Monday 15 July 2013


Black Stork (Ciconia nigra). Monfragüe National Park, flooded nest in 2007. By Miguel Ángel Muñoz "Memole".

The irregular rainfall of the Mediterranean climate, for better or for worse, governs Extremadura and especially so in 2013. In spring we were blessed with one of the wettest on record, filling the reservoirs to levels never seen before. The Tajo, which used to be a river is now an uninterrupted chain of reservoirs established almost exclusively for power generation. It is a resource for everyone, used by one of the biggest multinational power companies without respect for legislation pertaining to the protection of species and protected areas. In April (see photo below), voices were already being raised in alarm because the Alcántara reservoir was rising and threatening some of the most famous Black Stork (Ciconia negra) nests in the Monfragüe National Park. Even though the Confederación Hidrográfica del Tajo and Iberdrola had been advised, this was ignored and water was released upstream from the Valdecañas reservoir, with grave consequences for the colonies of birds nesting there on islands (so much so that by mid-June, the islands became connected to the shore and dozens of chicks died and many clutches were lost), the water level in the Alcántara reservoir was rising to 99% of its limit and ended up flooding active Black Stork nests in Monfragüe.

 Black Stork (Ciconia negra). Monfragüe National Park, 20th April 2013.

The image of a Black Stork chick on a wooden pallet, in the heart of Monfragüe, is shown below. This nest had two chicks, but when the Monfragüe staff intervened they found the surviving chick perched on top of its drowned sibling. Faced with this emergency, they opted to raise the nest on three pallets and other material. This nest had also been flooded in May 2007 (photo at the top of the posting), when fours chicks had to be removed and taken to the Animal Clinic at Sierra de Fuentes, Cáceres. In the winter of 2008, a new platform was installed at a higher point to try to avoid a future flooding, a solution which clearly failed this year since the artificial nest was situated below the maximum water level of the reservoir.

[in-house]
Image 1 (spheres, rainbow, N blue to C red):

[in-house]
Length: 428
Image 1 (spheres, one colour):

Black Stork (Ciconia negra). Monfragüe National Park, 8th June 2013.

These events, in Monfragüe as well as at the Valdecañas reservoir, have been denounced by SEO/BirdLife [read here] and by the authorities in Extremadura. We shall see how the story ends and if the surviving chick fledges. At the end of June the reservoir had lowered and it seemed that the youngster would be fine (see photo below), but at the start of July, alarm was raised again because the Alcántara had increased its level dangerously. We have heard that the nest has again been rebuilt by the authorities.

Black Stork (Ciconia negra). Monfragüe National Park, 19th June 2013.

The Government of Extremadura provided explanations that surprised us. On one hand it came out in defence of the multinational Iberdrola. It also blamed the rains of March, a full three months earlier, which would have had no influence over the fluctuations of level in June and July, which are exclusively due to the management decisions of the company. And finally, and as it usual, the present government put the blame on its predecessor.

Translated by Martin Kelsey.